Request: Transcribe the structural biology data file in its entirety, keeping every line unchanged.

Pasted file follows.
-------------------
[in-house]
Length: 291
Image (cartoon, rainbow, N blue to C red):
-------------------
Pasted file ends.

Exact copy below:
[in-house]
Length: 291
Image (cartoon, rainbow, N blue to C red):